When I became a teacher and saw the home lives of some (bridging the entire socioeconomic spectrum btw) I realized how fortunate I was to have been dealt a good hand by God or fate or sheer randomness (I will let the reader decide). I came up in a stable, caring and supportive home life which therefore made the other things later in life much, much more achievable for me.

I am convinced if a child doesn't have this, their journey in life is going to be hard regardless of race, gender, religious affiliation, etc. Those with the "they can just pull themselves up by the bootstraps" crowd underestimate how difficult this is. While possible, I would estimate that maybe 1 child in 50 has the guts and drive to do this. remember, They have to make good choices when they are very young and stay committed to those through their childhood and teen years. I can say with certainty that I have did not have that as a boy or adolescent.

FWIW. I would say that a child's education is 80% home life and 20% the name on the building. Most of our kids are not getting the 80%. And those naive enough to think the government can fix or engineer solutions to these family issues are sorely misguided imo.
 

SnidelyWhiplash

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15,133
I have said this before but the one takeaway I have gained from teaching (in both public and private schools) is that it changed my paradigm. Prior to teaching, I was aware of all that I had accomplished and felt like it was all due to my own blood, sweat and tears. And that anyone else can do the same with proper application of those ingredients.

When I became a teacher and saw the home lives of some (bridging the entire socioeconomic spectrum btw) I realized how fortunate I was to have been dealt a good hand by God or fate or sheer randomness (I will let the reader decide). I came up in a stable, caring and supportive home life which therefore made the other things later in life much, much more achievable for me.

I am convinced if a child doesn't have this, their journey in life is going to be hard regardless of race, gender, religious affiliation, etc. Those with the "they can just pull themselves up by the bootstraps" crowd underestimate how difficult this is. While possible, I would estimate that maybe 1 child in 50 has the guts and drive to do this. remember, They have to make good choices when they are very young and stay committed to those through their childhood and teen years. I can say with certainty that I have did not have that as a boy or adolescent.

FWIW. I would say that a child's education is 80% home life and 20% the name on the building. Most of our kids are not getting the 80%. And those naive enough to think the government can fix or engineer solutions to these family issues are sorely misguided imo.

All the data supports this too. If you aren’t raised in a house with 2 parents, you’re 15-20x more likely to have a long list of issues from violent crimes to drugs to prison to living in poverty.
 

684Bee

Helluva Engineer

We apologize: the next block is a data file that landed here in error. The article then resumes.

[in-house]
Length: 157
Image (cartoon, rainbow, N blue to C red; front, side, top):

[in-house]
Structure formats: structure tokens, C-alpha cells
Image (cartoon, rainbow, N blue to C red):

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1,257
When I became a teacher and saw the home lives of some (bridging the entire socioeconomic spectrum btw) I realized how fortunate I was to have been dealt a good hand by God or fate or sheer randomness (I will let the reader decide). I came up in a stable, caring and supportive home life which therefore made the other things later in life much, much more achievable for me.

I am convinced if a child doesn't have this, their journey in life is going to be hard regardless of race, gender, religious affiliation, etc. Those with the "they can just pull themselves up by the bootstraps" crowd underestimate how difficult this is. While possible, I would estimate that maybe 1 child in 50 has the guts and drive to do this. remember, They have to make good choices when they are very young and stay committed to those through their childhood and teen years. I can say with certainty that I have did not have that as a boy or adolescent.

FWIW. I would say that a child's education is 80% home life and 20% the name on the building. Most of our kids are not getting the 80%. And those naive enough to think the government can fix or engineer solutions to these family issues are sorely misguided imo.
Agree, to an extent.

That’s why I say it starts at home. Not blaming a child. But once you become an adult, you own your choices at that point.

I’ve seen this up close, too. It still comes down to choices. Choices of the parents to be in a committed relationship. Choices to value education. Choice to hold down a job. Choice to respect law and order. I’ve seen people who grew up “on the wrong side of the tracks” with a single Mom, but they didn’t wallow in victim hood. They slowly and steadily made choices to improve themselves.

What’s a more empowering message? You have the ability to change your life through better choices, or that you’re stuck in your current circumstance...you just drew a bad hand and weren’t “fortunate”? There’s way too much of the latter right now, and it’s destroying peoples lives.